As I’ve been reading further into The Hungry Tide, I’ve started to notice a recurring theme surrounding marriage. All three marriages we have seen so far in the narrative (Piya’s parents, Fokir and Moyna, and Nilima and Nirmal) have been extremely rocky, even that of Nilima and Nirmal, who supposedly loved each other deeply. It seems as though Ghosh is trying to make a statement about marriage, and I wonder if it partly has to do with geography, as Fokir and Nirmal become dissatisfied upon moving to the Sundarbans for their wives. I was wondering if anyone else had any thoughts on this?

Marriage in The Hungry Tide
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One thought on “Marriage in The Hungry Tide

  • November 11, 2019 at 12:41 pm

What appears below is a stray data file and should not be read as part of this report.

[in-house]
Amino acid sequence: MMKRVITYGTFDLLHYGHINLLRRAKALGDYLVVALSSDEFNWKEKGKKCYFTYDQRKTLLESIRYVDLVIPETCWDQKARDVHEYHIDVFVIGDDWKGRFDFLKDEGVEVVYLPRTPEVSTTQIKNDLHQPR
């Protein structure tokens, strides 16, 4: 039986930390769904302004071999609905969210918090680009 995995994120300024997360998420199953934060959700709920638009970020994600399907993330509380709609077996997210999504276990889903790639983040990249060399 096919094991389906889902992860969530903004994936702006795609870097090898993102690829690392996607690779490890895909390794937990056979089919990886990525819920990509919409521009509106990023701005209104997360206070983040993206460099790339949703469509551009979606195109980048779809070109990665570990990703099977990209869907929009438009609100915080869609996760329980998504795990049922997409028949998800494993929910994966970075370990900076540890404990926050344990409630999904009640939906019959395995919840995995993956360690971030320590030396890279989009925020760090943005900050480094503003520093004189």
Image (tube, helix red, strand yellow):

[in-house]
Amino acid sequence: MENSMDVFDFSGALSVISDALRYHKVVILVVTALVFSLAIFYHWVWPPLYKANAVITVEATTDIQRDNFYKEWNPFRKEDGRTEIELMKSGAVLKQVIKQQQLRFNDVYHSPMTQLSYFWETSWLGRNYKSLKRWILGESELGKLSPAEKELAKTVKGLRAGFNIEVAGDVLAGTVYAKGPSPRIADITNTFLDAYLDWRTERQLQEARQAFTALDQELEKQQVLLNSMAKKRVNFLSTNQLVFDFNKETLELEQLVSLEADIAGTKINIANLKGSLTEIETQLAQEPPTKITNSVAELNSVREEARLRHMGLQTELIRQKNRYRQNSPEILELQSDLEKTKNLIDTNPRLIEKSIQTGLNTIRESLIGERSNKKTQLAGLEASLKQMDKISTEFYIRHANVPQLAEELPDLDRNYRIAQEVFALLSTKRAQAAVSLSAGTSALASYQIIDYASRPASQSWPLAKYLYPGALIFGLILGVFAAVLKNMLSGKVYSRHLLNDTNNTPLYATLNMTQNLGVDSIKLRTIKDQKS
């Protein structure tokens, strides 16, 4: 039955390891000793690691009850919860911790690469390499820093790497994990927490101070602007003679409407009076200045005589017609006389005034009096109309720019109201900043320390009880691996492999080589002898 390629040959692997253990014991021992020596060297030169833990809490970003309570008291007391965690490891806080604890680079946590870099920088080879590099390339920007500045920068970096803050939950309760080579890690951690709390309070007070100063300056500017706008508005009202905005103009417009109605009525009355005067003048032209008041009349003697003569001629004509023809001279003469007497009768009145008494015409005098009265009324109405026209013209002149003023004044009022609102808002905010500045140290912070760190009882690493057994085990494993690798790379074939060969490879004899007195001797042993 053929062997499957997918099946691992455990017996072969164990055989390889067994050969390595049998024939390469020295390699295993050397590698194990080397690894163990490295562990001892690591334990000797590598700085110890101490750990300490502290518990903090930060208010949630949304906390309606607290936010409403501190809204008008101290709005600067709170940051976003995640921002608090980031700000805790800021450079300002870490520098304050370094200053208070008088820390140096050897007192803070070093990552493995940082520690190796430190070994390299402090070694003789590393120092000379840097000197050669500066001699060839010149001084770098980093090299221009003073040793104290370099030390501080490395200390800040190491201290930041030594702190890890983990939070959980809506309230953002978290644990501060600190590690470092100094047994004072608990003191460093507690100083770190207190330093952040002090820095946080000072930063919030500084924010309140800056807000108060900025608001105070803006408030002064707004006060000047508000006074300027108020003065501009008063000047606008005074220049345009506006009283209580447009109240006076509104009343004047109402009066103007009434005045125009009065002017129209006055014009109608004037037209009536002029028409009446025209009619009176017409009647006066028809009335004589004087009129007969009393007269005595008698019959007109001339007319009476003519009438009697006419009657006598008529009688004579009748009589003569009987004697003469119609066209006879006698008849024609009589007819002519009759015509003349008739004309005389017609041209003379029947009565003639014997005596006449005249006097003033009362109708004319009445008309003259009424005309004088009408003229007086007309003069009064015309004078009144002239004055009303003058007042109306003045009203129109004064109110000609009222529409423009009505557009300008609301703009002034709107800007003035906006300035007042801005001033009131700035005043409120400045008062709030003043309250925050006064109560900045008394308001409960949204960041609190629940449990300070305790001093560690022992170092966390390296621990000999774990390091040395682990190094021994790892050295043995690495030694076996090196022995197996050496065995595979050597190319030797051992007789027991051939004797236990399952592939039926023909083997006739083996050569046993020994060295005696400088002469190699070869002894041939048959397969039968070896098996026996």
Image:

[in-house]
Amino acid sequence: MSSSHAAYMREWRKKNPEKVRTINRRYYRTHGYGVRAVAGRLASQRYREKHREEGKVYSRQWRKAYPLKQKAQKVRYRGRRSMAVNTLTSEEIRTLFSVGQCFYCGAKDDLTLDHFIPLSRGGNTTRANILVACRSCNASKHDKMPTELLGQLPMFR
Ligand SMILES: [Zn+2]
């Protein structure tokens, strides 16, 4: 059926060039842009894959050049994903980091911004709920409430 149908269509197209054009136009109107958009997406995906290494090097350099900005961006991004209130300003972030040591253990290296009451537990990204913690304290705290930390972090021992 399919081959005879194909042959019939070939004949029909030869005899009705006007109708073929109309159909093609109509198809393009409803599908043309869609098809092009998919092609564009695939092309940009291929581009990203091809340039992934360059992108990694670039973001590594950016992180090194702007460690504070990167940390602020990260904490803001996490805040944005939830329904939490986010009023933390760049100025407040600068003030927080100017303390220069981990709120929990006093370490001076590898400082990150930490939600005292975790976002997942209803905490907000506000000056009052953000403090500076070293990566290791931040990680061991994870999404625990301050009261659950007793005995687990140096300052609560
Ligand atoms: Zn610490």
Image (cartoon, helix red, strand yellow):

I would be nitpicky and point out that while it’s Nilima who is keeping them in the tide country, it’s Nirmal getting in trouble politically that forced them to move there in the first place. So I would say…. movement without agency is a part of it, certainly, but it’s more like… Nirmal and Nilima are divided over ideology (sticking to your ideals but only in theory versus the question of putting things into practice and trying to help people but compromising for the sake of it), and Piya’s parents are divided over a sort of ideology too (assimilating versus looking back), and if you think about it this goes for Fokir and Moyna (education versus traditionalism? something more complicated than that?). So… I think geography is involved but only in the sense that a million things at once are, and of course “this is because of ideology” is broad – by that definition, any division can be over ideology. But… something about the immense variability and complexity of the world, and how that splits people fundamentally sometimes, even when (like Nirmal and Nilima) they’re united by the drive to make the world a better place.

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